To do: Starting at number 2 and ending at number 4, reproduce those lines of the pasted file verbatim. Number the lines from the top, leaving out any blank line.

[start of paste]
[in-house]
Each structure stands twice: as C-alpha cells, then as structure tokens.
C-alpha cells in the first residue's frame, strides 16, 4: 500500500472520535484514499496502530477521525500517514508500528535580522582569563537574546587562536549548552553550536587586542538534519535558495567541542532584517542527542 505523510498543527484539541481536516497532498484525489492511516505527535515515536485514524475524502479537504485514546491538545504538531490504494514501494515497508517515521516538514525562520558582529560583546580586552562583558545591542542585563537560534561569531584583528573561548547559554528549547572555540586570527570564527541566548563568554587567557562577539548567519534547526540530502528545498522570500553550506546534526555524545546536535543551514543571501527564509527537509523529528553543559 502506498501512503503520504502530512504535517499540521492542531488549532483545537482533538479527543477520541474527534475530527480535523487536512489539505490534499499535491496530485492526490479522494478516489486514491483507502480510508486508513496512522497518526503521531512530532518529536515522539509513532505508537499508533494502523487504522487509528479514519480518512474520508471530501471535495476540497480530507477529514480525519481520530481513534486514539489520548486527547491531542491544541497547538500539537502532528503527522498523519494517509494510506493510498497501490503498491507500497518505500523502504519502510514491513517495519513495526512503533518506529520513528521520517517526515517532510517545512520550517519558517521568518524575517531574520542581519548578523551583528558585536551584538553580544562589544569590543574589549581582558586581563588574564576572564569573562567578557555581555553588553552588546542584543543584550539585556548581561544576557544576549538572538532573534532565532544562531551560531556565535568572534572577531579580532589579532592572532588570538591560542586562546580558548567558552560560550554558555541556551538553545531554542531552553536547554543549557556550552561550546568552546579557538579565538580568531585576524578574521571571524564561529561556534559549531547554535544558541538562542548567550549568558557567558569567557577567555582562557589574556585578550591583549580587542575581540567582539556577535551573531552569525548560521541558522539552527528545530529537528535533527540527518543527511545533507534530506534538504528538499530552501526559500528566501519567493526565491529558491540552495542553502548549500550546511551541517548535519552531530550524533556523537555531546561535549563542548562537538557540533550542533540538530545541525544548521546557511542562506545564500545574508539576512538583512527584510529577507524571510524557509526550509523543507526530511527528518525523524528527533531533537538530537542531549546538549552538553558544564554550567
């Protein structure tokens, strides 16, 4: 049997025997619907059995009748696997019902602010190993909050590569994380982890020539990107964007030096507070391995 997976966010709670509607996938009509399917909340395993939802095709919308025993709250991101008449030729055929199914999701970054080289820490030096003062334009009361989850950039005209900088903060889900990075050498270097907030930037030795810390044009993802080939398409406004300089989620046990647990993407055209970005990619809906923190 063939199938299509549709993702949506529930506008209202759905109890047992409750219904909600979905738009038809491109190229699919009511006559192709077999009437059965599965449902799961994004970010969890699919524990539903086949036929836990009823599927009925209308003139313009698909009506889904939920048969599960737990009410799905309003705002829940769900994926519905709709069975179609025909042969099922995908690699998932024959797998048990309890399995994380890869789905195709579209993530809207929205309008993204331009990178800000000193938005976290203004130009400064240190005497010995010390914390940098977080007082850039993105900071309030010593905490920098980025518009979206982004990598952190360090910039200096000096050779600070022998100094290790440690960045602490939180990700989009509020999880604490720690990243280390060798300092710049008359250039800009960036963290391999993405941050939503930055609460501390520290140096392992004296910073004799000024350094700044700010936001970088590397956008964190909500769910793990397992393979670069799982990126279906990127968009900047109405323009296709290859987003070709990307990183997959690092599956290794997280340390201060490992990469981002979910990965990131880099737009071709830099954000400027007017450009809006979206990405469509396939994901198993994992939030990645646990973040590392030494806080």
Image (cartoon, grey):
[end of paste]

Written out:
Each structure stands twice: as C-alpha cells, then as structure tokens.
C-alpha cells in the first residue's frame, strides 16, 4: 500500500472520535484514499496502530477521525500517514508500528535580522582569563537574546587562536549548552553550536587586542538534519535558495567541542532584517542527542 505523510498543527484539541481536516497532498484525489492511516505527535515515536485514524475524502479537504485514546491538545504538531490504494514501494515497508517515521516538514525562520558582529560583546580586552562583558545591542542585563537560534561569531584583528573561548547559554528549547572555540586570527570564527541566548563568554587567557562577539548567519534547526540530502528545498522570500553550506546534526555524545546536535543551514543571501527564509527537509523529528553543559 502506498501512503503520504502530512504535517499540521492542531488549532483545537482533538479527543477520541474527534475530527480535523487536512489539505490534499499535491496530485492526490479522494478516489486514491483507502480510508486508513496512522497518526503521531512530532518529536515522539509513532505508537499508533494502523487504522487509528479514519480518512474520508471530501471535495476540497480530507477529514480525519481520530481513534486514539489520548486527547491531542491544541497547538500539537502532528503527522498523519494517509494510506493510498497501490503498491507500497518505500523502504519502510514491513517495519513495526512503533518506529520513528521520517517526515517532510517545512520550517519558517521568518524575517531574520542581519548578523551583528558585536551584538553580544562589544569590543574589549581582558586581563588574564576572564569573562567578557555581555553588553552588546542584543543584550539585556548581561544576557544576549538572538532573534532565532544562531551560531556565535568572534572577531579580532589579532592572532588570538591560542586562546580558548567558552560560550554558555541556551538553545531554542531552553536547554543549557556550552561550546568552546579557538579565538580568531585576524578574521571571524564561529561556534559549531547554535544558541538562542548567550549568558557567558569567557577567555582562557589574556585578550591583549580587542575581540567582539556577535551573531552569525548560521541558522539552527528545530529537528535533527540527518543527511545533507534530506534538504528538499530552501526559500528566501519567493526565491529558491540552495542553502548549500550546511551541517548535519552531530550524533556523537555531546561535549563542548562537538557540533550542533540538530545541525544548521546557511542562506545564500545574508539576512538583512527584510529577507524571510524557509526550509523543507526530511527528518525523524528527533531533537538530537542531549546538549552538553558544564554550567
């Protein structure tokens, strides 16, 4: 049997025997619907059995009748696997019902602010190993909050590569994380982890020539990107964007030096507070391995 997976966010709670509607996938009509399917909340395993939802095709919308025993709250991101008449030729055929199914999701970054080289820490030096003062334009009361989850950039005209900088903060889900990075050498270097907030930037030795810390044009993802080939398409406004300089989620046990647990993407055209970005990619809906923190 063939199938299509549709993702949506529930506008209202759905109890047992409750219904909600979905738009038809491109190229699919009511006559192709077999009437059965599965449902799961994004970010969890699919524990539903086949036929836990009823599927009925209308003139313009698909009506889904939920048969599960737990009410799905309003705002829940769900994926519905709709069975179609025909042969099922995908690699998932024959797998048990309890399995994380890869789905195709579209993530809207929205309008993204331009990178800000000193938005976290203004130009400064240190005497010995010390914390940098977080007082850039993105900071309030010593905490920098980025518009979206982004990598952190360090910039200096000096050779600070022998100094290790440690960045602490939180990700989009509020999880604490720690990243280390060798300092710049008359250039800009960036963290391999993405941050939503930055609460501390520290140096392992004296910073004799000024350094700044700010936001970088590397956008964190909500769910793990397992393979670069799982990126279906990127968009900047109405323009296709290859987003070709990307990183997959690092599956290794997280340390201060490992990469981002979910990965990131880099737009071709830099954000400027007017450009809006979206990405469509396939994901198993994992939030990645646990973040590392030494806080």